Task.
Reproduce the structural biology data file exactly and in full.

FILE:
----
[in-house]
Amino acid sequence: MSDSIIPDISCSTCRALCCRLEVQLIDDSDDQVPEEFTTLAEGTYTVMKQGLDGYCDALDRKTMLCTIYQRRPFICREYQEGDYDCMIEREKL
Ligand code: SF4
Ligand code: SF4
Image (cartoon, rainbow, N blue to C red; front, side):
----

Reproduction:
[in-house]
Amino acid sequence: MSDSIIPDISCSTCRALCCRLEVQLIDDSDDQVPEEFTTLAEGTYTVMKQGLDGYCDALDRKTMLCTIYQRRPFICREYQEGDYDCMIEREKL
Ligand code: SF4
Ligand code: SF4
Image (cartoon, rainbow, N blue to C red; front, side):